Coral Sea Dreaming is a liveaboard for those wishing to escape the crowds. Not only does it only have a maximum of 12 guests, but it sails off the beaten track to the more remote and less-visited regions of the Great Barrier Reef.
It has exclusive access to a number of coral reefs around Flynn and Milln Reefs which boast turtles, dolphins, schooling fish and spectacular corals.
She is fully equipped for diving, with a shaded dive deck, rinse hoses and tenders for getting to dive sites, though there is no nitrox capability onboard. A camera station is perfect for those who need to maintain equipment.
Cabins include twins, double and 4-person bunks, to accommodate various budgets. All cabins share bathrooms and feature both fans and AC.
Social areas include an inner saloon and a sun deck with hammocks. A bar will help with those post-dive beers, though the cost is additional.
- Multiple languages spoken
- Small groups
- No nitrox available
- No wifi available
- Extra for alcoholic beverages
The Coral Discoverer is a large cruising vessel that operates along the north coast of Australia as well as adventures into Raja Ampat and Papua New Guinea. Though she is not exclusively a diving vessel, she has full diving capabilities.
The diving features of the Coral Discover include a dive deck, dive tender and nitrox, for an extra fee.
She is a large vessel, with 36 cabins catering to 72 guests which lend this liveaboard more of a cruising feel. All cabins have ensuites, storage, AC, window, and iPod dock.
Social areas are big and well suited to the large number of guests. There is an inner saloon, sundeck, observation deck, three bars, a shaded cabana area and even a gift shop. There is wifi, for an extra fee. A variety of extras are on offer, including kayaking, yoga, massages and spa treatments.
Food is prepared fresh each day and is served buffet style. There are complimentary snacks, soft drinks, welcome cocktails and alcoholic drinks with dinner. Beach BBQs are often organised and specific dietary requirements can be catered for.
- Extensive social areas
- Cruise-like feel
- Naturalist guide onboard
- Lots of people
- Extra for alcoholic drinks and wifi
The Shore Thing catamaran is an award-winning eco-tourism vessel, ideal for the environmentally conscious diver.
She explores the stunning Ningaloo Reef on the west coast of Australia. Operating year-round on these flawless waters, you can dive with manta rays, turtles, whale sharks, dugong and even humpback whales.
She is fully equipped for diving, with a shaded dive deck and tender for easy access to dive sites, though no nitrox is available.
Shore Thing can accommodate just 10 guests in 4 cabins - ensuite staterooms and deluxe cabins with shared bathrooms. All cabins have air conditioning.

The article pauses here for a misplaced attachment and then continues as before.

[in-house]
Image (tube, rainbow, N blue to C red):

Guests can relax in the air-conditioned saloon or catch some rays in the hammocks on the sun deck. The dining area is alfresco so you can enjoy the breeze and view as you eat. The bar is available after your day of diving, though alcoholic drinks are extra.
Other activities available onboard include kayaking and fishing.
When To Dive In Australia
Diving in Australia is dependent on the season. The summer months in Australia are from November to March, with December and January often the hottest months. May to September is winter and July and August bring the coldest temperatures.
The south coast, which is exposed to Antarctic winds and currents, remains cool throughout the year. Melbourne’s water temperatures range from a chilly 19oC in January to an even chiller 13oC in August. The waters of the south coast and surrounding regions can be tempestuous throughout the year, but especially in winter.
The northern regions are tropical. Though they experience seasons, it is a more equatorial climate. The temperature average in Cairns, for example, cools from 28oC in January to 22 degrees in August. Their winter also brings heavy, tropical rainfall and the summers are relatively dry. The water temperatures range from 22oC in August to 28oC in January.
Diving in the summer months is good across Australia, but during the winter, you might want to head north!
Diving in Ningaloo Reef is great all year round. Whilst the dry season (from August to December) is the warmest, it is not the best time to see the big pelagics for which Ningaloo is known:
- Whale sharks appear from March till June
- Manta rays from May to November
- Humpback whales from July to November. This is also the best time to see dolphins and dugongs.